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REGION : A Winning Image: Higher Self-Esteem

November 13, 1994|ENRIQUE LAVIN

Picture this: A boy is frozen in a back flip above an abandoned mattress in a debris-strewn alley somewhere in Watts.

Another 23 images like these captured by South-Central youths are on display beside professional works in "Magic at Play," a photo exhibit at the Directors Guild of America through Dec. 2.

The photos were taken by youths who are in Los Angeles Cities in Schools, a dropout prevention program based at Markham Middle School in Watts. Of 60 Watts-area students in kindergarten through high school who participated in the photo competition organized by Giorgio Beverly Hills, 13 were winners.

"I can hardly take pictures, so I thought I wasn't going to win," said Tenille Hyde, 12, a Markham student who made two winning pictures capturing 9-year-old Matthew Johnson in a midair flip. Johnson was also one of the winners of the competition.

Over three days in September, the youths received pointers from professional photographers and then let loose with disposable Kodak cameras. One day they were escorted through Nickerson Gardens and Will Rogers Park in Watts to search for the "perfect" neighborhood photo of children at play.

"We saw kids playing on mattresses and started to take pictures of them," Hyde said. "They got very camera-happy and wanted us to take pictures of them jumping."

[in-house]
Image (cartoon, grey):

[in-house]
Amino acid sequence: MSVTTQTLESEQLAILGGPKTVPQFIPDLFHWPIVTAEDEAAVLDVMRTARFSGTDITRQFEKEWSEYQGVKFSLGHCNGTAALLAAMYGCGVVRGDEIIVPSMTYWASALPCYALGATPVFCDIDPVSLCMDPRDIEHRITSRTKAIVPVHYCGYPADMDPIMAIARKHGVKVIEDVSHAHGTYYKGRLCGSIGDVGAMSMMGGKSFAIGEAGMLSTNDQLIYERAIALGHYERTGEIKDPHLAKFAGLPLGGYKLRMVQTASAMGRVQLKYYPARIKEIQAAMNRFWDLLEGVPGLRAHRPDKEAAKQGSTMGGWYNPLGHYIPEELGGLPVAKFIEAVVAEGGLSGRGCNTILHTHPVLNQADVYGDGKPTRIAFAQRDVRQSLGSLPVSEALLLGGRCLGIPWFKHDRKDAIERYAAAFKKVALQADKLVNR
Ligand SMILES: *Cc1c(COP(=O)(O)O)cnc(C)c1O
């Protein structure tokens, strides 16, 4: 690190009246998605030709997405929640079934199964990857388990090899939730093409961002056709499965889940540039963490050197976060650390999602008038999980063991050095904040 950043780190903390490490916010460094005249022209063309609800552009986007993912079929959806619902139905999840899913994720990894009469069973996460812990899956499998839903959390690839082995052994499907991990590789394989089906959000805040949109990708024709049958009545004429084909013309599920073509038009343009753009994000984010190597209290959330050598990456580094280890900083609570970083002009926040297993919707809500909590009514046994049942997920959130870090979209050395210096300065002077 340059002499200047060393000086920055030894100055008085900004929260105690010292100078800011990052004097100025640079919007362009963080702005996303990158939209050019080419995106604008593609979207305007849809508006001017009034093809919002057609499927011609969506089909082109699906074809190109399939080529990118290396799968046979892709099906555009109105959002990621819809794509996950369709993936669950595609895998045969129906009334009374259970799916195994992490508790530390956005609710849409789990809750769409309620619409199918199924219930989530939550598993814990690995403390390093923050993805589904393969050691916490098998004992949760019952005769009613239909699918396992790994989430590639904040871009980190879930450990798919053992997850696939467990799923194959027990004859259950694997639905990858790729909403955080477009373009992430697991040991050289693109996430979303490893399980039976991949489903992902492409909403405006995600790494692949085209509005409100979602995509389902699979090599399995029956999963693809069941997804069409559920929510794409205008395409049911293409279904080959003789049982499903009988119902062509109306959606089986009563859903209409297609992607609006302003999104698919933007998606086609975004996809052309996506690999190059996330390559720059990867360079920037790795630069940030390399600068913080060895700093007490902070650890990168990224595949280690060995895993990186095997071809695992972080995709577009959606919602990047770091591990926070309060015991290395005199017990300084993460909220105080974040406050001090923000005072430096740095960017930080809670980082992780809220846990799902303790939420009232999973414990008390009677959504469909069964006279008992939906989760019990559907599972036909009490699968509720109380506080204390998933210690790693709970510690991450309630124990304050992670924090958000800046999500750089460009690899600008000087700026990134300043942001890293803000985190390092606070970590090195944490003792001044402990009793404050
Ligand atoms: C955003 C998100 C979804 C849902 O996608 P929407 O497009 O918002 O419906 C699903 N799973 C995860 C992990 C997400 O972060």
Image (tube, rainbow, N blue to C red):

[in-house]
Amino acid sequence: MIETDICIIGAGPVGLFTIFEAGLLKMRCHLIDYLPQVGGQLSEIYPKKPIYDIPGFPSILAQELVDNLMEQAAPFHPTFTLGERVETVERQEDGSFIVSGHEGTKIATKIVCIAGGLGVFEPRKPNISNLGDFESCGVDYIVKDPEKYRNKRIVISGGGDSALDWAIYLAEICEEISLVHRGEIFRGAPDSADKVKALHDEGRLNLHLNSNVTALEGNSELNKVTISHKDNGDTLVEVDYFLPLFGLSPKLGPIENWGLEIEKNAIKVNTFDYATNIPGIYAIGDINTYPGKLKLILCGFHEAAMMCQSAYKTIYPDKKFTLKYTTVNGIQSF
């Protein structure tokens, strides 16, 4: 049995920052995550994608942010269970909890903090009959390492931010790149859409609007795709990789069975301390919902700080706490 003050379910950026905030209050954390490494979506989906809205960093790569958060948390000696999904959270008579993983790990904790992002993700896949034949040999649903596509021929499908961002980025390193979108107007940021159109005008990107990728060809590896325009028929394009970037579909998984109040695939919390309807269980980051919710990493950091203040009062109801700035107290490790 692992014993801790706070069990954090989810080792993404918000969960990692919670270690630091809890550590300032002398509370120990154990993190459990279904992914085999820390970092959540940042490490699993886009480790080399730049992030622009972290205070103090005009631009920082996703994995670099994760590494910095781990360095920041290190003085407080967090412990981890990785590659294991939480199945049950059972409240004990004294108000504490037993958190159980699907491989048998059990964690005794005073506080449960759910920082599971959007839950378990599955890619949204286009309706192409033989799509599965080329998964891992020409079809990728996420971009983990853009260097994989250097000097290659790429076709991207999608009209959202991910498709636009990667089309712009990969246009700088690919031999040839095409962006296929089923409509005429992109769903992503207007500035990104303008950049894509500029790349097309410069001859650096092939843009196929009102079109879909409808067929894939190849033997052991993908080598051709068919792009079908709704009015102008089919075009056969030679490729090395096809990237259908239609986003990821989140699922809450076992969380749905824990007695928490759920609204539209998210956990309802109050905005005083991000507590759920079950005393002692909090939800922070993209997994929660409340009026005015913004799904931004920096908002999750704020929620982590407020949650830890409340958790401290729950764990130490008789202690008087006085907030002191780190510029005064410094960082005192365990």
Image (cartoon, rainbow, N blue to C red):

The next day they were taken to Venice Beach and the Santa Monica Pier to capture urban images in a "city shoot."

On Oct. 15 a panel of judges made up of professional photographers and gallery owners chose the winners. After the exhibit ends at the Directors Guild, 7920 Sunset Blvd., the works will be displayed in New York City.

"The camera is an extension of one's eye and mind," said Jan Kesner, owner and director of a gallery near Hollywood. "In these pictures you recognize the children's sense of wonder and discovery in using a camera for the first time."

Kesner said judges were looking for decisive moments that captured universal themes where play was occurring, whether there was action in the photo or not.

Hyde's mattress acrobat and Johnson's snapshot of two girls on park swings are a sampling of what the other winners' work is like.

Tonisha Mellon, 11, caught her neighbor Rachel with a Mona Lisa smile as she was about to blow out three candles on her birthday cake. That same day in Watts, Erica Perez, 20, immortalized her 2-year-old daughter Kimberly picking bright red roses from a garden.

Cities in Schools is a national dropout prevention program. It works one-on-one with young people, preschool through high school, and their families to keep children in school and to develop their confidence for success.

Sharon Simpson, managing director in Watts of Los Angeles Cities in Schools, said the photo competition typifies what her program strives for.

"From the littlest--like Matthew--to the oldest, they feel good about themselves," she said. "That's what these opportunities are all about. A lot of it is building self-esteem while at the same time seeing their own home through other eyes--the camera."

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